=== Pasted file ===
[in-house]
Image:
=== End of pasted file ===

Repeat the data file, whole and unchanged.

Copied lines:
[in-house]
Image: